Soil quality refers to the ability of soils to perform their functions well. The soils of the Harran Plain, Turkey, have been put into intensive crop production with the introduction of an irrigation scheme and become increasingly degraded due to unsustainable management and cropping systems that resulted in the loss of production potential. The goal of this study was to quantify the quality of common soil series in the Plain using soil quality indexes (SQI) and to compare SQIs of two long-term crop rotations, cotton and wheat-corn cultivation, and different soil types. Over 400 samples were collected at a 0- to 30-cm depth and analyzed for 31 soil variables. The best representative soil quality variables forming a minimum data set (MDS) were selected using principal component analysis (PCA), and soil quality scores were obtained using both linear and non-linear scoring functions. The MDS included three physical (hydraulic conductivity, bulk density, and plant available water content), two biological (soil organic matter and catalase enzyme activity), and nine chemical soil quality indicators (CEC, pH, plant available Cu and Fe, exchangeable Na and K, soluble Ca, Mg, and Na). Because of the low level of SOM, soil qualities were overall low with indexes obtained using two scoring functions ranging from 38.0/100 to 48.7/100. Correlations between SQI obtained using two approaches (linear vs. non-linear; r > 0.61) and using two data sets (all data vs. MDS; r > 0.79) were high. Non-linear scoring functions were more sensitive to management impacts. ANOVA models testing the individual impacts of soil types and crop management on soil quality were statistically different (p < 0.01), but the models including interactions were not. Overall, the fields under cotton cultivation were generally associated with higher clay contents and had the lowest SQIs as a result of intensive cultivation.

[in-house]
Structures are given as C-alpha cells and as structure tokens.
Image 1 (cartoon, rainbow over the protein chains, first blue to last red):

Environmental Monitoring and Assessment – Springer Journals
Published: Aug 19, 2017
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